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"people Dancing" And Other Assorted Exercises In Mad Humor

"people Dancing" And Other Assorted Exercises In Mad Humor image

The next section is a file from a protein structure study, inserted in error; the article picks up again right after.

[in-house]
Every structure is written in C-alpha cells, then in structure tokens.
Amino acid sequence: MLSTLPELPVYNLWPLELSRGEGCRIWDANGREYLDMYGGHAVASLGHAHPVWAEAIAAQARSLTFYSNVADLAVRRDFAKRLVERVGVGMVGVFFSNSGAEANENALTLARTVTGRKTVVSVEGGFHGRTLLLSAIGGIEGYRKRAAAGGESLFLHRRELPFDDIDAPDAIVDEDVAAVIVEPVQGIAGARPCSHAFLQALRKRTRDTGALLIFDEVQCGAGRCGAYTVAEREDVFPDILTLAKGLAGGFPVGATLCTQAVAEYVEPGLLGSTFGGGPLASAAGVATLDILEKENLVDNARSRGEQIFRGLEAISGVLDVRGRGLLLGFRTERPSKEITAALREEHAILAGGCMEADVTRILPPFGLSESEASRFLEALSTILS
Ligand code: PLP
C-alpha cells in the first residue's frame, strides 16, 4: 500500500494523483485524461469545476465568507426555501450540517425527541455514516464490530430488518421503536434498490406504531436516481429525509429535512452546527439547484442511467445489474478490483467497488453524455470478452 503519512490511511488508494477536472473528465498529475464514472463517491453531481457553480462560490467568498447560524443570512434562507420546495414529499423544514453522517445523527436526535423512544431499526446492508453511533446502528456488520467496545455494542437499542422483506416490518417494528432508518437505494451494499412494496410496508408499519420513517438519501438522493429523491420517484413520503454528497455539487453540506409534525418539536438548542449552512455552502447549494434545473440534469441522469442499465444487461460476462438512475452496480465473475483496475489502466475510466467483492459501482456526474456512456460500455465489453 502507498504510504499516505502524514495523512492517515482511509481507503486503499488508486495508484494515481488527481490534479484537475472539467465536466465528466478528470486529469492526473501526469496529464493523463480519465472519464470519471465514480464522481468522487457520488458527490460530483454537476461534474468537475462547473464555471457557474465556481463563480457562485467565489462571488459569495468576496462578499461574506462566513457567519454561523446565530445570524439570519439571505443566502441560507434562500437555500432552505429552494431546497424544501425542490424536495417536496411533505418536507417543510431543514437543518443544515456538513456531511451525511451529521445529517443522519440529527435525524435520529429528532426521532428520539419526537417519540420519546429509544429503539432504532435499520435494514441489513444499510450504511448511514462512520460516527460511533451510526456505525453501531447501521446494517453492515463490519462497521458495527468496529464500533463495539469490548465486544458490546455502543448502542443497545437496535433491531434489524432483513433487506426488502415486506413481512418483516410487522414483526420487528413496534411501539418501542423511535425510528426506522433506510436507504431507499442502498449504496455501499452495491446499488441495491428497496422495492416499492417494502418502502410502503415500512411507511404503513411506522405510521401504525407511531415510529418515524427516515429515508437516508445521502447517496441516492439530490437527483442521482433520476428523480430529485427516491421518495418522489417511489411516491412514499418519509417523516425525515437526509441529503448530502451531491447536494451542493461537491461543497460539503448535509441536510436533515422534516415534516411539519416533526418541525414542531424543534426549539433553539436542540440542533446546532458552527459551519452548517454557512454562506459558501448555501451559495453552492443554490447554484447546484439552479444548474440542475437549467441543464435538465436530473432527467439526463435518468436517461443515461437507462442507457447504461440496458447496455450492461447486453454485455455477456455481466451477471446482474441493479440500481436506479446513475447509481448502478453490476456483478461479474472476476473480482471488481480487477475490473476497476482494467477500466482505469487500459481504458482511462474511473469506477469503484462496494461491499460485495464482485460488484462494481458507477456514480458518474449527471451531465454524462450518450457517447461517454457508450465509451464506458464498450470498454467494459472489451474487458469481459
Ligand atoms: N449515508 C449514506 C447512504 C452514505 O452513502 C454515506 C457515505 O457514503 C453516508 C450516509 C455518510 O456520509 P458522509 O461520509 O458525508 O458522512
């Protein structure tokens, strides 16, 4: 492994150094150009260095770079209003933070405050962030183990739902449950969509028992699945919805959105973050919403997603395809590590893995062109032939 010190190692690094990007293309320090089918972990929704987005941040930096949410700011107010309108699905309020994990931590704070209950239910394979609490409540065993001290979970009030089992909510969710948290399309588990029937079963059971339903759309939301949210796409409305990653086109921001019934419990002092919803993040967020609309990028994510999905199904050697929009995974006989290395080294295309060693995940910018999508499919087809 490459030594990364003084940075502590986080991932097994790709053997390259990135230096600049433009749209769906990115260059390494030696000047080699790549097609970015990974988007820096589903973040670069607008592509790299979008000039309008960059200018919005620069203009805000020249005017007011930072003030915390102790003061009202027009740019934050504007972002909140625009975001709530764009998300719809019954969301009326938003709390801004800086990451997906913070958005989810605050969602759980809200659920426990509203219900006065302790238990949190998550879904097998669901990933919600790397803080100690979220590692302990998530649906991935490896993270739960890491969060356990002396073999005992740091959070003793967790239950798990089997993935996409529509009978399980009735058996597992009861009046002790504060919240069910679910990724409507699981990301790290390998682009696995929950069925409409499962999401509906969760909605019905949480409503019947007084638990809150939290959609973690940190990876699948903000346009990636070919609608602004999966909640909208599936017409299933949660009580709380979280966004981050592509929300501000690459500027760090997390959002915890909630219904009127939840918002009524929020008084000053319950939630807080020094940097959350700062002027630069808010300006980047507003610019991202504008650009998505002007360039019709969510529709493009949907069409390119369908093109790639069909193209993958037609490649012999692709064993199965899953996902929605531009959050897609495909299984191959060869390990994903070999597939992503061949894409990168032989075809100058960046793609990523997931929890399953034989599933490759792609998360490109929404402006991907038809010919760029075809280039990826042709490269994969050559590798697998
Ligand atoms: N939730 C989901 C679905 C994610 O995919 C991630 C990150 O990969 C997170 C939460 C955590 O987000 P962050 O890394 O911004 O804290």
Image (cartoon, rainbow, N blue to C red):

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People Dancing performances are filled with vigorous, athletic dancing, wry humor, and flamboyant theatrics. Under the direction of choreographer Whitley Setrakian, this sixmember troupe, based in Ann Arbor, performs works in the latest currents of contemporary dance. Setrakian's dancers are sensitive skilied professionals who have trained extensively with such modern dance notables as Viola Farber and May O' Donnell; and the new members of the Next Wave vanguard, Bill T. Jones and Margaret Jenkins. Setrakian's choreography reveƔis her penchant for angular, staccato phrases and quick directional shifts contrasted with strong, forceful movement that hurtes and plows its way through space. She takes delight in the setting of pedestrian or ordinary movement against a more formal dance vocabulary - adding push-ups and chestscratching, for instance, to the elegant formal lines and small jumps contained in a solo work about male preening. Moments of stark beauty, of spare, minimal motion appear in her work. In Setrakian's theatrical idiom the storyline does not proceed linearly, instead, as in the popular, comic dance-drama "Aerobic Barbie," it skids out in fragments which come together in uncanny ways to make a whimsical dance with an unexpected cogency. Throughout the work Setrakian derides notions of expected behavior and exposes them with irony and subverts them with wit. She compiles both verbal and visual images of femininity - Jane Fonda, aerobic-chic, Barbie dolt vapidity and female careerism a la Cherry Ames, only to rag them and reveal their vacuous and even grim underside. Black humor replaces whimsy in "Fond du Lac," a bleak study of Victorian repression and the hysteria it fostered. Here too, a multiplicity of visual and a handful of verbal fragments come together to make a compelling and coherent whole. Both "Aerobic Barbie" and "Fond du Lac" will be performed in Ann Arbor for the first time in several years when People Dancing, join by the Ann Arbor Chamber Orchestra, will be n concert at the Lydia Mendelssohn Theater, 91 1 N. University, Sept. 25 to 26. The program, a concert of nnovative and aventurous modern dance set to Baroque music, will feature two new works by Setrakina, one to a score by C. P. E. Bach and the other to music by Handel. For more nformation about the company or the concert cali the People Dancing Office at 996-5968.


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